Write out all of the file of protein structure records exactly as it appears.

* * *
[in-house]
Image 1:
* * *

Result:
[in-house]
Image 1: